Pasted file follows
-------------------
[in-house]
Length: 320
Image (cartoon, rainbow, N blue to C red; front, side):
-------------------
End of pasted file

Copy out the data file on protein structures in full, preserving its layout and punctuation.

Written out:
[in-house]
Length: 320
Image (cartoon, rainbow, N blue to C red; front, side):